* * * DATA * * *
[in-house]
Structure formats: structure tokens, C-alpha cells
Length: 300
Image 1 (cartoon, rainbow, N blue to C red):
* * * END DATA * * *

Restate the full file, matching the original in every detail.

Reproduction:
[in-house]
Structure formats: structure tokens, C-alpha cells
Length: 300
Image 1 (cartoon, rainbow, N blue to C red):